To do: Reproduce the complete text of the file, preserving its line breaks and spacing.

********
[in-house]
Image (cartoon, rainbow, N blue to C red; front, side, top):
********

[in-house]
Image (cartoon, rainbow, N blue to C red; front, side, top):